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A Study on Endemic Areas Exposes Parasitic Infections in Dogs Affected by Cancer

a scientists holds a petri dish with a red gelly and shows bacteria formation

Veterinary Specialists and Researchers in Brazil evidenced again the potential connection between parasites and malignant disorders affecting the animal and human world. 

Neoplasms - abnormal tumoral growths - affect a significant portion of dogs, constituting up to 83% of all canine malignancies. Canine leishmaniasis, caused by the parasite Leishmania infantum, is endemic in regions like Brazil, East Africa, and India. The study indicates that the geographical occurrence of both neoplasms and leishmaniasis may imply the coexistence of these two diseases within the same tissue samples in dogs.

The researchers demonstrated clinical cases where Leishmania parasites tested positive in dogs diagnosed with transmissible venereal tumors (TVT), cutaneous large-cell lymphoma, cutaneous TVT, and splenic hemangiosarcoma. 

Several theories are proposed, including the chronic inflammation induced by Leishmania, interference with the local immune system, and direct implications of the parasite in cancer pathogenesis. While still hypothetical, the study suggests that leishmaniasis may impact clinical manifestation, diagnosis, treatment protocols, and outcome of various malignant disorders. It also highlights the impact of Leishmania infection on organs like the liver, spleen, kidney, and skin, as well as alterations in hematological and biochemical parameters such as anemia, thrombocytopenia, hyperproteinemia, and liver function abnormalities, some well-documented symptoms and consequences of hemangiosarcoma as well.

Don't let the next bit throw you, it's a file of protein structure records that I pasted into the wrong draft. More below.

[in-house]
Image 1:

The issue with the clinical presentation of leishmaniasis is it may mimic malignancies, leading to misdiagnosis. A more accurate diagnosis process becomes crucial, especially considering the diverse clinical forms of leishmaniasis. Molecular tests like PCR can offer greater precision in identifying the parasite DNA, reducing the risk of misdiagnosis.

A deeper study of this complex interplay is needed for effective treatment and correct diagnosis, both in human and veterinary medicine, particularly in endemic regions. Understanding can guide clinicians better in navigating the diagnoses and treatments of affected patients.


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